How do I disengage the clutch adjuster to start over? I pull up on the peddle and nothing happens I even took the cable off the trans, still pulling up on the peddle does nothing..
    Last edited by soldthedart; 10-01-2014 at 08:59 PM.

  8. #8
    OVER-BOOST!! svono50's Avatar
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    Just checked my car and my clutch pedal sits ~1" higher than the brake pedal, so something doesn't seem right. Since you have the driver's seat out that makes things a little easier to observe while laying on your back looking up at things under the dash...ask me how I know. Check to see if the pedal arm is properly engaged on the end of the quadrant shaft. I believe it engages over a square bore, so you can only clock in 90 deg increments.

    If the clutch grabs, but slips just an inch or so off the floor, then either the pressure plate isn't fully engaging due to cable tension, TB binding or worn clutch as potential options. To get the clutch to engage/disengage higher off the floor, the quadrant needs to be rotated back away from the firewall.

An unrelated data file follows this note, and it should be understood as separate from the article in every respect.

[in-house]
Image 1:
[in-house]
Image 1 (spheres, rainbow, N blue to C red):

Below are a couple pics of a quadrant/pawl system out of the car for reference. In the second pic I put an arrow in the approximate place a tab pushes the pawl up and rotates it away from the quadrant engagement teeth. The tab is part of the pedal frame and fixed in position, when you pull back on the clutch pedal, the pawl will be pushed down against the tab. Laying on your back, pull up/back on the clutch pedal with your right hand and see if you can feel/see the pawl move. If it does, then see if you can manually rotate the quadrant back and put some additional tension on the clutch cable, while holding the tension release the pedal to re-engage the pawl against the quadrant to hold it in place. Add just a bit of tension over the quadrant spring tension to see if it changes the clutch engagement/disengagement height. If this does seem to work, then it looks like you may have a worn clutch issue on your hands rather than a cable/quadrant issue.